In the case of dogs, a puppy is born in a state of extreme neuronal immaturity, after which the nervous system rapidly advances through intense synaptogenesis, wherein external stimulation is fundamental [10]. Within a few weeks, the dog gains a wide range of abilities and motor skills, which over the next few weeks result in some highly crucial developmental pathways in life [11]. In general, the key period for learning starts at 2.5 weeks of age and extends to 12–14 weeks [3]. Puppies are exposed to particular kinds of environmental stimuli, and if these are poor or limited in scope, fearful responses or inappropriate avoidance behavior might be evidenced at a later date [12, 13].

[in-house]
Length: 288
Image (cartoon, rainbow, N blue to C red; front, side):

In the 1960s, studies were carried out on early ontogeny in dogs with a view to subjecting puppies to sensory stimulation, wherein remarkable differences were seen in comparison with control (isolated) puppies [3, 14, 15]. Recent evidence shows that tactile or audio and video stimulation during the first week post-partum (pp) decreases fearful reactions towards unfamiliar environments or novel objects [16, 17]. However, the most important impact of handling was found in puppies born and raised in a breeding kennel, where contact with humans was limited, unlike in a family surrounding [16]. Enriching circumstances though simulating handling procedures during early ontogeny has proven useful for preparing military or police dogs, which have to cope with challenging situations [2]. No effect of tactile or thermal stimulation was found in dogs trained for mine detection [18]. One explanation for the unsuccessful findings of said study was the routine daily manipulation conducted with both the control and experimental puppies, which failed to bring about any additional benefit [18]. Despite all this prior research, the authors have not identified anything in the literature that investigates the audio stimulation of puppies and the later response of the same towards sudden noise. For police and military dogs, reactions to sudden noises such as gunshots comprise a fundamental criterion for selecting adult dogs and puppies for future training [19]. Reactions exhibited by dogs that show sensitivity to noise might constitute a serious welfare-related issue, since fear is connected to stressful responses [20], potentially reflected in heightened cortisol concentrations [21]. Herein, the authors tested the hypothesis that the effect of audio stimuli during early ontogeny would improve reactions to noise during the police test for selecting puppies.